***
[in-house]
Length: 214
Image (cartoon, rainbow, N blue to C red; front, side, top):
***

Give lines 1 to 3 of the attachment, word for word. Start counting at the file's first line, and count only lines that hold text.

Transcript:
[in-house]
Length: 214
Image (cartoon, rainbow, N blue to C red; front, side, top):